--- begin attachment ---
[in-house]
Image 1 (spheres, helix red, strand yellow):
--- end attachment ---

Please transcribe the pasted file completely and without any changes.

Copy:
[in-house]
Image 1 (spheres, helix red, strand yellow):